University summit seeks curricula of future

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University summit seeks curricula of future


Participants at the 2nd THE Asia Universities Summit hailing from 86 universities across 24 countries pose for a commemorative photo after the opening ceremony at the University of Ulsan Wednesday. [PARK SANG-MOON]

ULSAN - Global leaders in academia, industry and government tackled the challenges and advantages of collaboration between academia and industry, including how to better prepare students for the rapidly evolving workforce, at the Times Higher Education’s Asia Universities Summit in Ulsan Wednesday.

Speaking for the industry sector, Choi Kil-seon, chairman of Hyundai Heavy Industries, said during a summit panel at the University of Ulsan, “Universities aim more for academic-oriented research while industries focus on short-term commercialization, so they should have more opportunities to discuss research topics that satisfy both parties.”

Over 220 delegates from 86 universities across 24 countries took part in the three-day summit, which held its opening ceremony Wednesday at the University of Ulsan in Korea’s bustling industrial capital, home to major shipyards and manufacturing plants.

Pointing out that universities and industries often “have difficulties finding proper partners,” Choi proposed information-sharing opportunities and encouraged schools to open more departments on convergent technologies.

“As universities and industries have limited budgets for research and development, they would find a way to share large-scale facilities,” added Choi, citing deep-water cavity tunnels, fire and explosion test facilities and electric propulsion test facilities. “This is based on HHI’s experience, but for other companies there are many other opportunities for convergent technology.”

He recalled Hyundai Group founder Chung Ju-yung’s dedication to founding education institutions despite starting out as a shipyard business that has grown into a leading diversified heavy industry company. “In order to motivate students to grow into eminent industrialists,” Choi continued, “universities and industries should have frequent opportunities to convey desirable visions.”

In its second run, British ranking institute THE’s Asia Universities Summit, also co-hosted by the Ulsan Metropolitan City, addressed the overarching theme of “Forging the future - building stronger alliances between university and industry.”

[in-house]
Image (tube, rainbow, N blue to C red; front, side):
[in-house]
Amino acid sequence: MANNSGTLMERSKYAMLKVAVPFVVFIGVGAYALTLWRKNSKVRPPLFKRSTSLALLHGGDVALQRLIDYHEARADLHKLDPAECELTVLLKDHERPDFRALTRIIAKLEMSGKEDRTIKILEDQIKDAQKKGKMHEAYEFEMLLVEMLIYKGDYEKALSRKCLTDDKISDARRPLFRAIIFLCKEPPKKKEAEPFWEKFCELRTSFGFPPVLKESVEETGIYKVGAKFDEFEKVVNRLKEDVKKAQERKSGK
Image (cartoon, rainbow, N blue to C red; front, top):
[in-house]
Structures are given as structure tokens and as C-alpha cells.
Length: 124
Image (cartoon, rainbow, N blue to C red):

Along with global academic leaders from countries including Canada, Singapore, Malaysia, Iran, Hong Kong, Japan, the United Kingdom, Australia and Pakistan, the summit was attended by Korean local and central governmental leaders including Ulsan Mayor Kim Gi-hyeon, Lee Joon-sik, the Korean deputy prime minister who doubles as minister for education, and Joo Young-sup, minister of small and medium business administration.

In his opening remarks, University of Ulsan President Oh Yeon-cheon pointed to a “paradigm shift in the collaboration between universities and companies that makes them positively interdependent on each other.” He added, “Companies have to constantly ask universities for the kind of talents they need, which will eventually solve youth unemployment. This needs to be reflected in the curriculum.”

The summit, which kicked off Tuesday and runs through Thursday, includes five sessions that cover the topics of Working Together - Empowering Research, Creating Industry Links and Enhancing Value Return on Investment, Power of Metrics and Entrepreneurship and Business Start-ups.

Youngsuk “YS” Chi, chairman of Elsevier, a provider of scientific, technical and medical information services, in his keynote address compared the potential in collaboration between universities and companies to the “symbiotic relationship” between Apple founders Steve Jobs and Steve Wozniak, “partners that had complementary skills.”

Chi added, “Universities are kind of like Wozniak, academic researchers doing the intellectual and technical groundwork to drive innovation and expand human understanding. Industry partners are more like Jobs. They take research knowledge and give it legs to solve problems and make things happen in real world.” Together, he said, they can “make an impact a worth more than the sum of two.” He added that the biggest challenge is “finding each other.”

HHI Chairman Choi addressed managing university-industry collaboration with panelists including Feridun Hamdullahpur, president of the University of Waterloo, Yuko Harayama, an executive member of the Council For Science and Technology Policy of the Japanese Cabinet Office and Hanyang University President Lee Young-moo.

Other panels included internships and industry-based learning and city governance as a catalyst of university-industry collaboration.

Angelina Yuen, vice president of Hong Kong Polytechnic University, emphasized the importance of internships as a vital part of students’ school experience to help prepare them for the work force. She added, “The curriculum has to be relevant, but it also has to the impact on the future development of the industry by injecting creativity and innovation.”

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